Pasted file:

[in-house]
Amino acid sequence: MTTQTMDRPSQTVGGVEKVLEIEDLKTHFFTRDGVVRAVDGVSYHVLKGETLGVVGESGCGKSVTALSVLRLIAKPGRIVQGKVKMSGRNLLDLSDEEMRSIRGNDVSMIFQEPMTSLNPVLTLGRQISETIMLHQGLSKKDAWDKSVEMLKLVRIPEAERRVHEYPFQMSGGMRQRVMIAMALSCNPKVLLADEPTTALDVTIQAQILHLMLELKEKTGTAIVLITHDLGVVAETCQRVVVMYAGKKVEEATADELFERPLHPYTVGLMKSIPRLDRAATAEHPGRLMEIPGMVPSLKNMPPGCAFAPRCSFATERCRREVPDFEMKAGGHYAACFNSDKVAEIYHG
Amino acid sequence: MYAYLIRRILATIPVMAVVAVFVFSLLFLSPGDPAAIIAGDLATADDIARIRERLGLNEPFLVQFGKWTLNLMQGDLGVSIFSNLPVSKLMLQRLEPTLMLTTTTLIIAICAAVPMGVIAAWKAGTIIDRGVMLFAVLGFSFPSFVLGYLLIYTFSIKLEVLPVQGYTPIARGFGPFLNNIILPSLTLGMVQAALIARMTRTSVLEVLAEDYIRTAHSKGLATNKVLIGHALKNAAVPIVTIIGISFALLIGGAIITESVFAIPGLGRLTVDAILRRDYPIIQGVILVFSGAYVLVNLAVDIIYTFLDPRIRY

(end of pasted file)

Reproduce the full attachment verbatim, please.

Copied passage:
[in-house]
Amino acid sequence: MTTQTMDRPSQTVGGVEKVLEIEDLKTHFFTRDGVVRAVDGVSYHVLKGETLGVVGESGCGKSVTALSVLRLIAKPGRIVQGKVKMSGRNLLDLSDEEMRSIRGNDVSMIFQEPMTSLNPVLTLGRQISETIMLHQGLSKKDAWDKSVEMLKLVRIPEAERRVHEYPFQMSGGMRQRVMIAMALSCNPKVLLADEPTTALDVTIQAQILHLMLELKEKTGTAIVLITHDLGVVAETCQRVVVMYAGKKVEEATADELFERPLHPYTVGLMKSIPRLDRAATAEHPGRLMEIPGMVPSLKNMPPGCAFAPRCSFATERCRREVPDFEMKAGGHYAACFNSDKVAEIYHG
Amino acid sequence: MYAYLIRRILATIPVMAVVAVFVFSLLFLSPGDPAAIIAGDLATADDIARIRERLGLNEPFLVQFGKWTLNLMQGDLGVSIFSNLPVSKLMLQRLEPTLMLTTTTLIIAICAAVPMGVIAAWKAGTIIDRGVMLFAVLGFSFPSFVLGYLLIYTFSIKLEVLPVQGYTPIARGFGPFLNNIILPSLTLGMVQAALIARMTRTSVLEVLAEDYIRTAHSKGLATNKVLIGHALKNAAVPIVTIIGISFALLIGGAIITESVFAIPGLGRLTVDAILRRDYPIIQGVILVFSGAYVLVNLAVDIIYTFLDPRIRY